Washington Report

Washington Report

House Ousts Private Lenders From Student Loan Business

The House of Representatives on Thursday voted 253-171 for the Student Aid and Fiscal Responsibility Act, for the biggest overhaul of the student aid program to take place in 35 years.

Passed largely along party lines, the bill ousts Sallie Mae, the biggest student lender, and private lenders from the college student loan business, gives the federal government control of the process, and uses the savings from eliminating the middle man to increase Pell Grants. Colleges have until July 1, 2010, to switch to the federal direct lending program. According to the Congressional Budget Office, this will save taxpayers an estimated $87 billion, $40 billion of which is to be spent on Pell Grants.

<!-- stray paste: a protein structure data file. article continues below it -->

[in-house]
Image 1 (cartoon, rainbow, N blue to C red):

Rep. Donald Payne (D-New Jersey), who sits on the House education committee, said that in addition to increasing the maximum amount of a Pell Grant to $6,900 over the next decade, the bill reduces loan interest rates and bill simplifies the application process.

“This will reach tens of thousands of students over the life of the bill and will open up doors for many more black students who previously found it difficult or impossible to get a higher education,” said Payne.

Minnesota Rep. John Kline, the ranking Republican on the House Education and Labor Committee, released a statement saying that the vote “vote was about expanding the size and scope of the federal government through tens of billions of dollars in new entitlement spending and the elimination of choice, competition, and the innovation of the private sector. This job killing legislation is rife with hidden costs that will be passed on to future generations.”

According to a Senate Democratic aide, a companion bill is currently making its way through committee.